What do we mean by random? One way to prove a shuffle is (uniformly) random is to show that every element
has equal probability of being shuffled to every position, including the original position.

Algorithm

While it may not be obviously random, the fisher-yates algorithm shuffles a list with the following steps:

swap the last element, e_{n}, with the element e_{i} at a random position i.

repeat on elements from e_{0} to e_{n-1}. In software we call
those remaining elements the sublist from 0 to n-1.

First Proof

In the visualization above, we are only demonstrating one possible shuffle. What if we considered all swaps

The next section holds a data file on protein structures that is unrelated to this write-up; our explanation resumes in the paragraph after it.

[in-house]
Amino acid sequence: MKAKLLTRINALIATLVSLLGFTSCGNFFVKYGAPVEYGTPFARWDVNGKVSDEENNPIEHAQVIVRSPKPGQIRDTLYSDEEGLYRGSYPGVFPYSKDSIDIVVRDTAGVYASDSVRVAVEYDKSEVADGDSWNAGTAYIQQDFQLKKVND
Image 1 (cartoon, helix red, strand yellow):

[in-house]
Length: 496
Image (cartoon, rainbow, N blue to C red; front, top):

and kept track of the probability each element was in each position? If a shuffle was truly random then each element
(color) should occur in each position equally after shuffling.

In the visualization below, we highlight two positions before considering the swap. Colors represent elements. After an iteration we stop considering the last element, hence the diagonal shape.